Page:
mountain profile Institute for Astronomy University of Hawaii


Maintained by WW

Near-Earth Asteroids.

David Tholen is tracking near-Earth asteroids to help determine which of them may represent an impact hazard to Earth, observing them until they are removed as impact threats. Special attention is being given to (99942) Apophis (rright), with the goal being to detect the Yarkovsky acceleration on this object, which is the largest source of uncertainty of its future impact threat.

Tholen’s group has also measured the density of a small near-Earth asteroid, 2009 BD, via the detection of radiation pressure effects acting on the object. The results indicate a nominal density that is less than that of water, suggesting a very porous internal structure, which has also been seen in a couple of other smallasteroids. If these results can be shown to apply to larger near-Earth asteroids, the potential impact energy estimates could be revised downward, making them less of a threat.

Robert Jedicke also studies Near-Earth Objects and has provided evidence that some small, dark objects catastrophically self-destruct when they approach too close to the Sun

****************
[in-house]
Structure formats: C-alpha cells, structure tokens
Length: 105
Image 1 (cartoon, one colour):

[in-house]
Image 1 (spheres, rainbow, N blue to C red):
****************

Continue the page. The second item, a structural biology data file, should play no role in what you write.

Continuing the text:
Some near-Earth asteroids can be temporarily captured by the Earth's gravity if they have a slow relative speed while passing through the Earth-Sun Lagrangian points. Robert Jedicke has been calculating the population characteristics of these irregular natural Earth satellites.

He finds that any given time there should be at least one such object of at least 1 meter diameter orbiting Earth. His results are consistent with the single known natural minimoon, 2006 RH120, a few-meter diameter object that was captured for about a year starting in June 2006.  Jedicke estimates that about 0.1% of all meteors impacting the Earth were once minimoons.





Asteroid spectrum

Main-Belt Asteroids


Some of the oldest materials in the solar system are the refractory minerals contained in calcium, aluminum-rich inclusions that are found in chondritic meteorites.  

Bobby Bus has been using infrared spectroscopy to estimate the concentration of these minerals in a number of main-belt asteroids.  He has found several asteroids with concentrations of these minerals 2-3 times higher than in any meteorite. These asteroids must therefore be older than any known sample in our meteorite collections, making them prime candidates for future sample return missions.



Three main-belt, calcium-aIuminum-rich asteroids showing the 2-micron absorption band diagnostic of aluminous spinel.